Friday, April 24, 2015

JOHN DEERE, CONTAINER LINE ALLIANCES

Honesty from a major shipper--John Deere--aka, a customer, on container line alliances. 


John Deere blames carrier alliances for ‘unpleasant’ supply chain headaches

By Gavin van Marle in Singapore
04.22.2015 · Posted in Loadstar posts, Sea, Supply chain FavoriteLoadingAdd to favorites
John Deere's supply chain
Major shippers remain sceptical about the benefits conferred by the development of larger shipping alliances, delegates at this week’s TOC Container Supply China event in Singapore were told.
David Panjwani, global logistics director for US machinery manufacturer John Deere said that the emergence of four large east-west shipping alliances, combined with the introduction of larger vessels and deteriorating schedule reliability levels had caused a series of problems in the company’s supply chain that impacted its customers.
“Do the larger alliances and vessels cause more headaches for shippers? In a word, yes,” he said.
While lines have claimed that combining networks through alliances structures have led to a greater choice of port calls for shippers, Mr Panjwani argued that the net effect was longer service lead times.
“We assume that there will be more port calls per string, and more slow steaming, which both extend shipping times, and there are continued challenges with service interruptions.
“We don’t have a lot of exciting things to say in terms of reliability of shipping products – if anything, it’s the opposite. I was in Australia last week and it was a very unpleasant experience, because we are continuing to fail to meet our customers’ delivery dates,” he said.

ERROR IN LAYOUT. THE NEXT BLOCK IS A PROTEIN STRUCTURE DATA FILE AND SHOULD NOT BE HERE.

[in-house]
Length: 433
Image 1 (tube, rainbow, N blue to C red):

While he agreed that “on paper” having multiple carriers combining their respective networks appeared to be a better product, he argued that the alliance concept had been around since the 1970s, but now that there are only four of them, “we have concerns about what this will look like in the long term”.
He said: “Take 2M for example – it’s about putting our best carrier with our worst, in terms of reliability.
“We have existing letters of credit and customer service requirements that have to be met so we have a lot of concerns,” he explained, and argued that outright merger and acquisition would lead to better service quality than the looser alliance arrangement.
As a result of the service disruptions, John Deere has had little option but to increase the lead times it quotes to buyers of its equipment because of the variability in transit times.
“And that is not good for us in terms of the return on our assets,” he added.
Responding to the accusation that by forcing freight rates down and playing the spot market, many shippers had been the architects of their own downfall, Mr Panjwani said that John Deere’s container supply chain was so important to the company’s financial success that it had entered into contracts of almost unprecedented lengths with some of its carriers.
“We struck a three-year deal with fixed rates that are reviewed annually according to a rate index, and adjusted depending on how the spot market behaves, because we have to keep our production lines running,” he said, adding that this approach was vindicated during the recent congestion crisis on the US west coast.
“We have thousands of containers coming out of Japan to the US and we think that because of this strategy and our relationship with the carriers that we were able to get our boxes on the ships and through the ports when other shippers had a lot of problems.”